PAST ACTION - Tell Senate: Reject S. 1881, the New Anti-Iran-Diplomacy Bill

Iran-Diplomacy_Collage186x140.jpgUpdate: this action, now closed, ran from December 2013-January 2014. 

We knew the fight to keep Iran-focused diplomacy alive wasn't over - and we were right. Just before the Senate went home for the holidays, Senators Menendez (D-NJ), Kirk (R-IL) and a group of 25 colleagues introduced a new and highly problematic Iran sanctions bill in the Senate - S. 1881, ironically named the "Nuclear Weapon Free Iran Act of 2013." Over the holiday break, this bill was the focal point of a major lobbying effort, with AIPAC and other groups working intensively to get Senators to cosponsor the measure -- and this effort will pick up additional steam in the coming days.

The White House has come out firmly against the measure, including issuing a veto threat, as have 10 Senate committee chairs, including Senators Feinstein (D-CA), Boxer (D-CA) and Levin (D-MI), who in a letter to Senate Majority Leader Reid (D-NV) stated that, at this time, "'we believe that new sanctions only play into the hands of those in Iran who are most eager for negotiations to fail."

Tell your Senators: give diplomacy a fighting chance to succeed where sanctions and saber rattling, on their own, have not, and cannot.

Rather than heeding the wise counsel of these Senate leaders and the objections of the elected president of the United States, an array of powerful outside forces -- both from inside and outside the Jewish community -- are mustering massive pressure to try to get Senators who have not already cosponsored the bill to do so. Their goal is twofold: to get so many cosponsors on the bill that Senate Majority Leader Reid (D-NV) will feel compelled to bring it to the floor for a vote, and to ensure that the bill passes by a veto-proof majority.

Tell your Senators: "pro-Israel" doesn't equal "anti-diplomacy with Iran."

The mere act of introducing this legislation at this delicate juncture represents a reckless, provocative and wholly gratuitous step. The Geneva interim agreement with Iran demonstrates that sincere, determined diplomacy can deliver results. Now is the time to give diplomacy a chance to test whether this interim agreement can lead to a final accord that verifiably curbs Iran's nuclear program. Should Iran prove insincere about achieving such an accord, there is nothing preventing Congress and the Obama Administration from revisiting all its various policy responses, including additional sanctions, at that time.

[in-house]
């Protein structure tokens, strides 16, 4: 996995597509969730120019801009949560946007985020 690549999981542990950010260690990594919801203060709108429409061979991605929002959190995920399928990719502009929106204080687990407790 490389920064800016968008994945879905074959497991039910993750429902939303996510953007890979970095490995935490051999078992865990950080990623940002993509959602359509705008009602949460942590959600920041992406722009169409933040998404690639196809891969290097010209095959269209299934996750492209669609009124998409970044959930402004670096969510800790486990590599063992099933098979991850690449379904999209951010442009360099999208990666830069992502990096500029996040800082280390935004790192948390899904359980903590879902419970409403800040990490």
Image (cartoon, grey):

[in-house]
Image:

If the timing of its introduction weren't bad enough, the substance of the bill appears designed to undermine the initiative launched last month in Geneva and, bafflingly, to undermine international cooperation on Iran. In this way, it sends a message that some in the Senate, joined by outside organizations promoting this legislation, may prefer war to diplomacy and a negotiated final agreement with Iran, regardless of its terms. In sending such a message, supporters of the bill are, ironically, making common cause with hardliners in Tehran, who also prefer confrontation to negotiations and compromise; however, they are putting themselves at odds with the majority of Americans, who do not want more war.

Tell your Senators: the American people want effective diplomacy, not reckless grandstanding that could lead to war.

Anyone who is truly concerned about curbing Iran's nuclear program should be outraged by this latest sanctions effort. For the first time in decades, there is an historic and promising diplomatic engagement with Iran, and the entire world is focused on the importance of resolving concerns about Iran's nuclear program and nuclear ambitions. Now is the time for members of the House and Senate to stand up to outside pressure, foreswear partisan and political grandstanding, and get behind the efforts of the Obama Administration and the international community to achieve a negotiated final agreement that does just that.

  • You can see the official list of cosponsors, as recorded in the Congressional record, here. You can see the unofficial list of cosponsors, as recorded on the AIPAC website (including names that may not yet show up in the Congressional Record), here.

Make sure to read Lara Friedman's new Huffington Post article Thwarting Iran Diplomacy: Not Good for the Jews .